12 September, 2014

Saying “goodbye” to our dreams

Some time ago, I read a post by a blogger who is parenting two children after infertility. She talked about how badly she wanted another child, but couldn't have, due to a range of different circumstances (infertility, finances, partner, etc). I will admit that I read this with a little roll of my eyes; she already has the “ideal” family, after all. But of course, that’s the point. Her “ideal” family, the one she imagined and hoped for, was larger than two kids and two parents. And so she continues to yearn. I may sound as if I have no compassion, but I do. I know all too well the loss, the lack, that she feels.

The comments on her post almost universally agreed with her, echoing (and amplifying?) her pain Other women parenting after infertility talked about their sadness that they can’t have more children, talking about the sometimes overwhelming urge, the desperation, and the refusal to shut the door on their dreams.

It struck me that these women, who had in the end got (most of) what they wanted, could not move on. Their door hadn't been slammed shut on them, as most of ours were (at whatever stage, for whatever reason, we felt we could not go on). Many of them have, it seems, never learned to move on - they got out of the waiting room by being pregnant or becoming a mother, and carry so much of the emotional trauma of infertility with them still.  They haven’t had to deal with ending their dreams.  Not totally.  (I know there are varying degrees of acceptance of the end of dreams with those who have to pursue IVF, donor eggs/sperm/adopting embryos, and fostering or adoption, and I don't want to belittle the loss involved with these choices.)  So they still endlessly torture themselves thinking about what their ideal families, and mourning the loss. 

But I see, time and again, evidence that those who go on to parent don't always realise that eventually it is a matter of choosing not to hurt. I remember choosing not to think, consciously stopping my “what if” thoughts. It was brutal – I’d remember, or have to remind myself, that it just wasn't going to happen. Each time it hurt, and sometimes the hurt was cumulative, before it started to ebb. It took time, but really, over just a few months, those thoughts - and the acute pain that accompanied them - receded. I'm not saying it was easy. I remember wanting to hang on to my grief, taking familiar comfort in the wanting, feeling guilty about relinquishing the dreams.  (Did it mean I didn't want it enough?) But in the end, I knew better than to entertain the "what-ifs" because they only brought pain – painful reminders of loss, and painful reminders that it wasn't going to happen.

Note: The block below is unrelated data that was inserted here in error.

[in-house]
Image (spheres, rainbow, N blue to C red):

It was a necessary maturity I've learned through infertility, learning not to want what I can’t have. The relatively brief (in the context of my life – or as Klara says, the next 15,000 days) pain of the process is followed up by peace and a new enthusiasm for life. I hope these women manage to face the loss of their dreams, and can work through it in the way we have had to. Because coming out on the other side is worth it.

I've had this post brewing for months now. Then this week, Loribeth* posted a link to this article about a study that says: 
“Women who already had children but wanted more had worse mental health than women who wanted children, didn't have them, but were able to move on with their lives.”
It was interesting to see that a study had confirmed exactly what I had been thinking. The article comments that the study author also commented on the “I-can-do-anything-if I-try” types. I interpret this, in infertility terms, to refer to the “never give up” brigade, the ones who declare (once they have their happy little families) that they know would never have given up, they’re not quitters (not like us).

But as the study author says, 
“There is a moment when letting go of unachievable goals (be it parenthood or other important life goals) is a necessary and adaptive process for well-being.”

We all do this throughout our lives, after all. Years ago, I wrote a post about the dreams I had had to set aside as I grew up, and called it “Never.” Yes, having children is bigger and was always more – I don’t know if realistic is the word – statistically likely than getting into the Silver Ferns. But now, it is just another thing on the list I've left behind.

The study author makes on last point, one that I particularly like, and one that I think is very relevant to the ALI community; a community that provides wonderful support, but rarely accepts that there might be a time when they shouldn’t cheer each other on endlessly, imploring them to “never give up,” and at times (perhaps unwittingly) shaming those who do.